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Proceedings Paper

Comparing realness between real objects and images at various resolutions
Author(s): Kenichiro Masaoka; Masaki Emoto; Masayuki Sugawara; Yuji Nojiri
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Paper Abstract

Image resolution is one of the important factors for visual realness. We performed subjective assessments to examine the realness of images at six different resolutions, ranging from 19.5 cpd (cycles per degree) to 156 cpd. A paired-comparison procedure was used to quantify the realness of six images versus each other or versus the real object. Three objects were used. Both real objects and images were viewed through a synopter, which removed horizontal disparity and presented the same image to both eyes. Sixty-five observers were asked to choose the viewed image which was closer to the real object and appeared to be there naturally for each pair of stimuli selected from the group of six images and the real object. It was undisclosed to the observers that real objects were included in the stimuli. The paired comparison data were analyzed using the Bradley-Terry model. The results indicated that realness of an image increased as the image resolution increased up to about 40-50 cpd, which corresponded to the discrimination threshold calculated based on the observers' visual acuity, and reached a plateau above this threshold.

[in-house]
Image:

Paper Details

Date Published: 12 February 2007
PDF: 9 pages
Proc. SPIE 6492, Human Vision and Electronic Imaging XII, 64921F (12 February 2007); doi: 10.1117/12.704947
Show Author Affiliations
Kenichiro Masaoka, NHK Science & Technical Research Labs. (Japan)
Masaki Emoto, NHK Science & Technical Research Labs. (Japan)
Masayuki Sugawara, NHK Science & Technical Research Labs. (Japan)
Yuji Nojiri, NHK Science & Technical Research Labs. (Japan)


Published in SPIE Proceedings Vol. 6492:
Human Vision and Electronic Imaging XII
Bernice E. Rogowitz; Thrasyvoulos N. Pappas; Scott J. Daly, Editor(s)

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